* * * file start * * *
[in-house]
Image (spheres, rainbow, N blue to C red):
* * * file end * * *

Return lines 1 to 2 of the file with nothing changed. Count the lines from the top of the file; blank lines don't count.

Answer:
[in-house]
Image (spheres, rainbow, N blue to C red):